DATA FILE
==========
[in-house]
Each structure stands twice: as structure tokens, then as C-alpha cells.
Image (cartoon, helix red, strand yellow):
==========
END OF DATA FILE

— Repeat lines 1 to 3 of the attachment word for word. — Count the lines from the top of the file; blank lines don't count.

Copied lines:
[in-house]
Each structure stands twice: as structure tokens, then as C-alpha cells.
Image (cartoon, helix red, strand yellow):